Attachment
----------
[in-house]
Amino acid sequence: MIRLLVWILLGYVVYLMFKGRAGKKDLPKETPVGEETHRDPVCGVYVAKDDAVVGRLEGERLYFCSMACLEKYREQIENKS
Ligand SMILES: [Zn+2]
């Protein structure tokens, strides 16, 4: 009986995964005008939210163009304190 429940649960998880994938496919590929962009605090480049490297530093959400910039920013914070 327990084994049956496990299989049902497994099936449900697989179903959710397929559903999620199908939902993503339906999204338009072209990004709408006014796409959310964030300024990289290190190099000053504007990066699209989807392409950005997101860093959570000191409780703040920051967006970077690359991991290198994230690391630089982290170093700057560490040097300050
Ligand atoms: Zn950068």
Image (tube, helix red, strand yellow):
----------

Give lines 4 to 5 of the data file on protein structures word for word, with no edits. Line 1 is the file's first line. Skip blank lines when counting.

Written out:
């Protein structure tokens, strides 16, 4: 009986995964005008939210163009304190 429940649960998880994938496919590929962009605090480049490297530093959400910039920013914070 327990084994049956496990299989049902497994099936449900697989179903959710397929559903999620199908939902993503339906999204338009072209990004709408006014796409959310964030300024990289290190190099000053504007990066699209989807392409950005997101860093959570000191409780703040920051967006970077690359991991290198994230690391630089982290170093700057560490040097300050
Ligand atoms: Zn950068």